Here's the difference between the two circuit blocks. In the top section there is a jumper wire going from the emitter of Q1 into the c3/r8 combo that travels "backwards". I made the layout this way to allow room for the transistor sections. Now, in the bottom section there is merely a 100k resistor that goes from the emitter of Q2 into the base of Q1. In the below pic you can see that I put it right before the red jumper wire. You can do either here.


Ok. Now, the diodes and volume pots. This should be pretty easy. I added a small jumper out of the 1u caps to give me some more room, but you don't have to here. Then install a pair of diodes going in opposite ways to ground. I used 1n4148s like in the build doc. In the same row put in a jumper wire going to your 100k pots (lug 3). Lug 1 goes to ground (you can put them anywhere on the rails) and lug 2 goes into the switch which I'll cover next.


Ok. The last piece of the puzzle here. I'll post my breadboard pic, but I don't think it won't help too much so I'll explain here since not everyone has my handy little dpdt mod board.

Using a spdt switch, pin 2 of the top circuit's pot goes to lug 1 of the switch. Pin 2 is your output.

For the bottom circuit, you'll need to add a jumper wire from the lug 1 row of your breadboard ALLLLLL the way back to the input of the second circuit block. That's the 10k resistor into the 220n cap. Then at the end of the bottom circuit, pin 2 of the pot goes into lug 3 of the spdt switch.

And there you have it!!!!!

Now here's my 2 cents on this circuit. Yes, there are 2 volume pots, but one of them really isn't necessary. I tend to dime my volume pots unless it's a booster circuit or REALLY loud like the El Sol distortion. With the switch engaging the top section only the pot acts as a pure volume pot. Engaging the bottom section allows tweakability using the top sections pot to dial back the hard clipping you hear. What I'm trying to say is the top section is overdrive and the bottom section is borderline distortion which is pretty cool if you ask me.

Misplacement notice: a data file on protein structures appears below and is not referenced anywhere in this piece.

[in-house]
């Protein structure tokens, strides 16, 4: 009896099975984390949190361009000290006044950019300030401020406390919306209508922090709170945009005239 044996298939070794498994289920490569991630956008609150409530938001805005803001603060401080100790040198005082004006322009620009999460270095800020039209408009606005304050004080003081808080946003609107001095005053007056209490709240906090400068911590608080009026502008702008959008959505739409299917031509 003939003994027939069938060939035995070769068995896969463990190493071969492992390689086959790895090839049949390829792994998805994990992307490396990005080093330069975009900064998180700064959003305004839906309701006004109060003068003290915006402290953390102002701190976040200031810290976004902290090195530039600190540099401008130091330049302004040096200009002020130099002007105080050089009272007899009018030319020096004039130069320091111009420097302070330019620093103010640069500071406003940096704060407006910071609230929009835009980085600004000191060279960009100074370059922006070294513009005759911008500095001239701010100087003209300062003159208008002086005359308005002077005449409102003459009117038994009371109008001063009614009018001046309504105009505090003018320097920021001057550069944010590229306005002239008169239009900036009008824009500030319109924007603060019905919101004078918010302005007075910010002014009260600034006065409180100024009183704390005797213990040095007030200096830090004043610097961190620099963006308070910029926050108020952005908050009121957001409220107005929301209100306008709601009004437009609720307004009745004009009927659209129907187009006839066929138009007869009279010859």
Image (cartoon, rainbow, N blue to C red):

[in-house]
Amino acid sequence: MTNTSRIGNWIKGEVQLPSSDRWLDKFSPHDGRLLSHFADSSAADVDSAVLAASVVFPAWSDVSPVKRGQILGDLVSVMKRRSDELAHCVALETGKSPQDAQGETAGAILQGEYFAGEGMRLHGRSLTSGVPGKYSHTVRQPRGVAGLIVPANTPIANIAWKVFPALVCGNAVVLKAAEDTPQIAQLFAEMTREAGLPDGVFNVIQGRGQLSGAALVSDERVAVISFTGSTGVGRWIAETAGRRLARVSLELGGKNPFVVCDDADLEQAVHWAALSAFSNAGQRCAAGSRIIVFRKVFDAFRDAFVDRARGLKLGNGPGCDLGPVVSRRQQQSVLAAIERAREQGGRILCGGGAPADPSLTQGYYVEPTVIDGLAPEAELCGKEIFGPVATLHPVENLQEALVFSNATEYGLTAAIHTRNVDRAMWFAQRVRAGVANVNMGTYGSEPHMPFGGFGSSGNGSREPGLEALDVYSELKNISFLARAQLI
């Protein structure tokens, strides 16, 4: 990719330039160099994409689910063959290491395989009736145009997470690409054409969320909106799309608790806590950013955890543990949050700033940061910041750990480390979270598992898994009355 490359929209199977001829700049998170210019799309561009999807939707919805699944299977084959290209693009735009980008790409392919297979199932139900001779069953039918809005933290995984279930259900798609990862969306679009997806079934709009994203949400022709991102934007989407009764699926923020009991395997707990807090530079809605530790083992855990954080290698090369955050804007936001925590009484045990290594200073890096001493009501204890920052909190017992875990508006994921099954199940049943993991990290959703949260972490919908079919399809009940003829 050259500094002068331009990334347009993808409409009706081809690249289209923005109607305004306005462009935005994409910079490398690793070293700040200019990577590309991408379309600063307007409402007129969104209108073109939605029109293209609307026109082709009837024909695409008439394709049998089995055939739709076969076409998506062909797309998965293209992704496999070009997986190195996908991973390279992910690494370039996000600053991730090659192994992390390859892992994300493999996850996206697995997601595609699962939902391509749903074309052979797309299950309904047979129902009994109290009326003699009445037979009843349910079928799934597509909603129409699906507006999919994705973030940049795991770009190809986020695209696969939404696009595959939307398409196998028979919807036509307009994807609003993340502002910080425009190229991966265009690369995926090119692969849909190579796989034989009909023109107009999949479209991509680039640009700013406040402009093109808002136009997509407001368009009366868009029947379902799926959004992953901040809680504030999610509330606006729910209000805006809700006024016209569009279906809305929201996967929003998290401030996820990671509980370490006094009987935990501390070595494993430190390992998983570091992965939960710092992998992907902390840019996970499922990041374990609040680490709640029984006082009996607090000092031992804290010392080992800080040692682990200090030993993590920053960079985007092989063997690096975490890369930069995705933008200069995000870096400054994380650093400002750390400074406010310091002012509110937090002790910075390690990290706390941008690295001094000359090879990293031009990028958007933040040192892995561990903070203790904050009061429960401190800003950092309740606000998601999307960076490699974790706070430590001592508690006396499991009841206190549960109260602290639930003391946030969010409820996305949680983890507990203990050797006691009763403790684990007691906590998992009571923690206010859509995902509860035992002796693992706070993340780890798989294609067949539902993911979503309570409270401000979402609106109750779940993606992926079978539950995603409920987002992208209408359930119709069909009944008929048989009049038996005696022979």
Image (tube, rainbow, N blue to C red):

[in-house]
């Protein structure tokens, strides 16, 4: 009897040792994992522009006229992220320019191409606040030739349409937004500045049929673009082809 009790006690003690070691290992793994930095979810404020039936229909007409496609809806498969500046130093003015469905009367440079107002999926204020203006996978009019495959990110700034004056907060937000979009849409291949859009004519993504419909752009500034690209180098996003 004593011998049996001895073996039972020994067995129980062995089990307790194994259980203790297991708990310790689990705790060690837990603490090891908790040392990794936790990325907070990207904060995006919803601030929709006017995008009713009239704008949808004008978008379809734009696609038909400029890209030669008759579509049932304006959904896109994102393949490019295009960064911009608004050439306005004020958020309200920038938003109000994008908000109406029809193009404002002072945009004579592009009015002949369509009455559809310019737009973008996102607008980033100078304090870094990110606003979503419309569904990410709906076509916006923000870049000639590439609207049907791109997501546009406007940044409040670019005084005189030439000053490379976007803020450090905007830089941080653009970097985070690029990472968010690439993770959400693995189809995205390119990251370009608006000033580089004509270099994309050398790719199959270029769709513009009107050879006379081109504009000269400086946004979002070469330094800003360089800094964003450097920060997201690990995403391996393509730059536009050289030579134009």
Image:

Happy New Year, y'all!!!!



Village Idiot
Your tutorials are presented so that anyone can build and better understand these circuits. I look forward to the next one!


Breadboard Baker

Right out of the gate I would change the diode combos to see what you like best.

I also want to play around with the input caps since the overall tone is a little on the thin side. I'm thinking C1 is the culprit here, but when I have time I'll tweak this to taste.

Since this is in the Muff family (a distant cousin, perhaps?) I put in a BMP/recovery tone control and really liked it. I have the "standard" tone stack on stripboard, but would like to play around with the mids a bit. I will circle back with my findings here.


Breadboard Baker
So, the mod that I did was take out C1 altogether and the sound got much warmer and fuller to my ears so I kept it out. R2 isn't connected to anything at this point so I removed it as well. I also added a Pedal Block tone control (BMP) and an LPB-1 as recovery.

I liked this circuit so much I whipped out some stripboard and a soldering iron to make it more permanent. More to come in the Build Reports section....